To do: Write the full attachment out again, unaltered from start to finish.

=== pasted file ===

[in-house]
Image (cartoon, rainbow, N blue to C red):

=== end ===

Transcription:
[in-house]
Image (cartoon, rainbow, N blue to C red):